Handling rejections and failures
Mindfulness teaches acceptance of what is. What happened is here, now, in the present, a reality. This is how your life unfolded today. But it is not a passive or fatalistic stance, instead it is an effective one - 'OK, what next?’. In place of being paralysed by a rejection or failed painting, you simply say, 'I really wish it was different’ (and you can be really upset about it) 'but I accept that this has happened. Now what do I do from here?'

Mindfulness also teaches ‘not-knowing’, something quite foreign to our western culture. You don’t need to know the answer to ‘What next?’. It is enough to just let the question linger for as long as it needs, no hurry. The answer will be better than a quick reaction that hasn’t been thought through.

There is also the concept of letting go, letting be and non-attachment to a particular outcome. A rejection can be hard, but it is a good time to be open to ‘Is this what I really want?’ or perhaps, ‘What do I really want in my art?’ and examining things from that perspective. The rejection may teach you to improve your craft, to better target the competitions you enter or the markets you’re aiming for, or to network a little. Or it may tell you this particular opportunity isn’t really what you thought it was and it isn’t for you, in which case, what is? An opportunity may cause you so much work that you have to accept the fact that you’re not sure it’s worth it, and let it go.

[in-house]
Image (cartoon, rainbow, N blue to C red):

Mindfulness also brings a healthy, deep self-confidence. In sitting quietly with yourself, you develop resilience. You don’t have a need to be better than anyone else, you are content as you are, accepting that life may bring you this success or it may not and either outcome will be all right. If you have to let go of one thing and start over somehow, you know you can handle it.